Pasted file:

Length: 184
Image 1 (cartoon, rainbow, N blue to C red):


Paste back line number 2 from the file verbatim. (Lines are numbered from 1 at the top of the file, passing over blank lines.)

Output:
Image 1 (cartoon, rainbow, N blue to C red):